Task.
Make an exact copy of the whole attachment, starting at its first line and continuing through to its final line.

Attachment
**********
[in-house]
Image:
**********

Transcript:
[in-house]
Image: